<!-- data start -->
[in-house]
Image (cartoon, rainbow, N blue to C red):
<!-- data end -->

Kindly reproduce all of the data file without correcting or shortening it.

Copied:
[in-house]
Image (cartoon, rainbow, N blue to C red):